David Quiroga & Lina Mazenett at Utopiana Residency [CH]Switzerland — Residencies
Artist duo David Quiroga & Lina Mazenett [CO] explore notions of origin and symbolism in relation to the geological temporality of certain fundamental elements of the world economy, such as gold, coal, and various minerals
During their residency at Utopiana [CH], they conducted research for the project «Consanguinity», where they explored how the body, as well as the forest and each plant, are chemical laboratories where complex processes of energy transformation occur.
Based on Amazonian cosmologies and the process of salt extraction from plants, that they learned from several Indigenous Huitoto people in the Colombian Amazonia, the duo had encounters with scientists and visited different forests in Switzerland, where they collected, processed, and extracted salt from oak trees.
Especially interested in the idea of consubstantiality – the solidarity of matter –, they explore how humans share the same constitution with other beings that generally are perceived as distant and inanimate things, such as rocks, stars or plants, and how this affects the way we conceive ourselves as human beings and build our relationship with the environment and the cosmos.
The alchemy-like process of salt extraction aims to explore different ways of living our relationships with other living beings, mainly through the permanent and inevitable exchange of energy, substances, and information.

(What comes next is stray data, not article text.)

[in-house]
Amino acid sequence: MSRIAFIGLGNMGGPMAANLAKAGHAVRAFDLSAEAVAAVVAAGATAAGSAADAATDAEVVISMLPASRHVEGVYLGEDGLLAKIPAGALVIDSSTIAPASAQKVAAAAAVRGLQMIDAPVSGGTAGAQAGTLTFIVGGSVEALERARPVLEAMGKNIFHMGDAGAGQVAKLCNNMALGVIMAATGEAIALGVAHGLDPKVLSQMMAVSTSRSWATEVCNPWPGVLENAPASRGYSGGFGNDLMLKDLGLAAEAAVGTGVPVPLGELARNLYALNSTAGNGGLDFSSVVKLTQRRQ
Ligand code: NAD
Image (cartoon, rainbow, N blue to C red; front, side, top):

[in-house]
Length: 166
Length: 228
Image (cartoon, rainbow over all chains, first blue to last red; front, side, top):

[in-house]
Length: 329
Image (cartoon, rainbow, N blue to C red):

David and Lina created an experimental film that traces the process and later presented an installation at la_cápsula [CH], in June 2021, as an attempt to reveal kinship relationships with objects and beings beyond the human realm, especially through potassium salt, which is a vital substance for the metabolism of different bodies. A substance that flows from rocks to the soil, groundwaters, animals, and humans in an endless circulation.
ABOUT THE ARTISTS
Lina Mazenett & David Quiroga [CO] are an artist duo exploring the interrelationship between organisms and the misnamed “resources” of the environment, and their distribution and resignification through culture. They strive to blur the distinction between the concepts of nature and culture through practices that oscillate between past and present, science and mythology, Amerindian cultures and Western influence. Their work includes installations, photography, sculpture, and interventions.